Nothing quite communicates class and glamor like diamond earrings and studs. They are beautiful, versatile, and can be paired with just about anything for an elegant look.
When having a pair of diamond earrings custom-made or buying a pair that is already complete, one of the most important things to consider is the setting upon which the stone lies.
Unknown to many, the overall look, sparkle, and depth of a diamond are primarily affected by its cut and the setting upon which it is mounted.
In addition, the setting sometimes has an influence on what diamond cut your stone will get. So, what are some of the common diamond earrings, and how should you go about choosing one for yourself?
5 Diamond Earring Setting Types
This is likely the most common type of setting used when making diamond earrings. It is considered a traditional setting since it is the oldest and has, therefore, been used the longest. The prong setting is also commonly referred to as the claw setting.
With this sort of setting, the diamond is secured using small pieces of metal mounted on the ring. The pieces of metal secure the stone in place by ‘clawing’ at the stone so that only the top part of the prong is visible from the top.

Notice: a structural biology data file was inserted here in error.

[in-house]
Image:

Usually, there are more than two prongs, and the idea is to have the stone at the center so that the prongs encircle it to make sure it is secure.
Apart from making sure that the diamond does not fall off, the prongs also act as barriers that make it difficult for the stones to sustain scratches.
Even though diamonds are the hardest element on earth and are difficult to damage, they can scratch against each other in storage or as you wear them.
The main downside to this setting is that dirt builds up too quickly since the setting is very ‘open’. The prongs may also get caught in clothes from time to time, especially if the clothing’s fibers are not tightly packed. Here is a breakdown of some of the most common prong settings.
This type of ring setting is generally not recommended for diamonds, but it is the best kind of prong setting for diamond earrings. Usually, earrings do not feature stones that are as large as rings. For this reason, you need a prong setting that will secure the stone in place, and that will also give it a good amount of visibility.
Earrings that have a 3-prong setting often have a martini design because they resemble a martini glass. The three prongs converge at the base of the earring to form a triangle, and when the diamond is set, it looks like a martini.